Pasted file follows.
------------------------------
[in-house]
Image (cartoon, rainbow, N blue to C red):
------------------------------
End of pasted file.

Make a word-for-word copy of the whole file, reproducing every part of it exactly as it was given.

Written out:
[in-house]
Image (cartoon, rainbow, N blue to C red):